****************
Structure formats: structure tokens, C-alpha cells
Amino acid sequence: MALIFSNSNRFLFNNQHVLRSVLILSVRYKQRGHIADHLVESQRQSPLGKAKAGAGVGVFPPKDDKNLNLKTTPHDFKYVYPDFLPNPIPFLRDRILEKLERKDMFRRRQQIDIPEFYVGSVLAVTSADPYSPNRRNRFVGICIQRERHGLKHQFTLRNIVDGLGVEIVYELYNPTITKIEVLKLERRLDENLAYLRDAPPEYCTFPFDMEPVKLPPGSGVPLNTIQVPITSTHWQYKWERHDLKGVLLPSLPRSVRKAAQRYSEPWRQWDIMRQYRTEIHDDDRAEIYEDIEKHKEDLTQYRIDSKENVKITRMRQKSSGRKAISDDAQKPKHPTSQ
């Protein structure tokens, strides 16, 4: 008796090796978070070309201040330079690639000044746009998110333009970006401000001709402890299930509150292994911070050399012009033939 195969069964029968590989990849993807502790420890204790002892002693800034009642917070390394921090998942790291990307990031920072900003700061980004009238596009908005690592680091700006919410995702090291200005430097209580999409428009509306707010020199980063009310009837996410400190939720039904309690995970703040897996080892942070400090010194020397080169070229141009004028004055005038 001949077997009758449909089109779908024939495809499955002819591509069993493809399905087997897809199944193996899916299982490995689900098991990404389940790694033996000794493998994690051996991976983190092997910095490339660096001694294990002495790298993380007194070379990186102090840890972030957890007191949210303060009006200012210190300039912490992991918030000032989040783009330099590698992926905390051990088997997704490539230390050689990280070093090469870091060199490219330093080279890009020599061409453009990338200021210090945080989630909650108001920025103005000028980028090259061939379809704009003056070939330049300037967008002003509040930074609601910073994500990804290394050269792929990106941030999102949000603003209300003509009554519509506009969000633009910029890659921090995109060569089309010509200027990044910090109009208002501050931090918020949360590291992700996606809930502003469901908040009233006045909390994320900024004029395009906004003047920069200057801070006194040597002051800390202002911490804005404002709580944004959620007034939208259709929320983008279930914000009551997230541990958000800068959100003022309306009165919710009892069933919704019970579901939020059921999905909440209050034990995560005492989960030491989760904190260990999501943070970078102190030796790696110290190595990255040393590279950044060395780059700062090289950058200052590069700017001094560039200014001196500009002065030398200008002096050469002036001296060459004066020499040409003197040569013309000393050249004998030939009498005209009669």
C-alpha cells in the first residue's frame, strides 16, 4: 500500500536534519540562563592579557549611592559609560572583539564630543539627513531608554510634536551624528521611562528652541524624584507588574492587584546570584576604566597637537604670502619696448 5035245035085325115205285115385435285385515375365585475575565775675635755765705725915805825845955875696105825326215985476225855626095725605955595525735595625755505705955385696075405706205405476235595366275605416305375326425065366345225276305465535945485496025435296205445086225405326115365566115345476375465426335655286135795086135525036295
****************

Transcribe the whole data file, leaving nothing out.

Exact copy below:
Structure formats: structure tokens, C-alpha cells
Amino acid sequence: MALIFSNSNRFLFNNQHVLRSVLILSVRYKQRGHIADHLVESQRQSPLGKAKAGAGVGVFPPKDDKNLNLKTTPHDFKYVYPDFLPNPIPFLRDRILEKLERKDMFRRRQQIDIPEFYVGSVLAVTSADPYSPNRRNRFVGICIQRERHGLKHQFTLRNIVDGLGVEIVYELYNPTITKIEVLKLERRLDENLAYLRDAPPEYCTFPFDMEPVKLPPGSGVPLNTIQVPITSTHWQYKWERHDLKGVLLPSLPRSVRKAAQRYSEPWRQWDIMRQYRTEIHDDDRAEIYEDIEKHKEDLTQYRIDSKENVKITRMRQKSSGRKAISDDAQKPKHPTSQ
């Protein structure tokens, strides 16, 4: 008796090796978070070309201040330079690639000044746009998110333009970006401000001709402890299930509150292994911070050399012009033939 195969069964029968590989990849993807502790420890204790002892002693800034009642917070390394921090998942790291990307990031920072900003700061980004009238596009908005690592680091700006919410995702090291200005430097209580999409428009509306707010020199980063009310009837996410400190939720039904309690995970703040897996080892942070400090010194020397080169070229141009004028004055005038 001949077997009758449909089109779908024939495809499955002819591509069993493809399905087997897809199944193996899916299982490995689900098991990404389940790694033996000794493998994690051996991976983190092997910095490339660096001694294990002495790298993380007194070379990186102090840890972030957890007191949210303060009006200012210190300039912490992991918030000032989040783009330099590698992926905390051990088997997704490539230390050689990280070093090469870091060199490219330093080279890009020599061409453009990338200021210090945080989630909650108001920025103005000028980028090259061939379809704009003056070939330049300037967008002003509040930074609601910073994500990804290394050269792929990106941030999102949000603003209300003509009554519509506009969000633009910029890659921090995109060569089309010509200027990044910090109009208002501050931090918020949360590291992700996606809930502003469901908040009233006045909390994320900024004029395009906004003047920069200057801070006194040597002051800390202002911490804005404002709580944004959620007034939208259709929320983008279930914000009551997230541990958000800068959100003022309306009165919710009892069933919704019970579901939020059921999905909440209050034990995560005492989960030491989760904190260990999501943070970078102190030796790696110290190595990255040393590279950044060395780059700062090289950058200052590069700017001094560039200014001196500009002065030398200008002096050469002036001296060459004066020499040409003197040569013309000393050249004998030939009498005209009669």
C-alpha cells in the first residue's frame, strides 16, 4: 500500500536534519540562563592579557549611592559609560572583539564630543539627513531608554510634536551624528521611562528652541524624584507588574492587584546570584576604566597637537604670502619696448 5035245035085325115205285115385435285385515375365585475575565775675635755765705725915805825845955875696105825326215985476225855626095725605955595525735595625755505705955385696075405706205405476235595366275605416305375326425065366345225276305465535945485496025435296205445086225405326115365566115345476375465426335655286135795086135525036295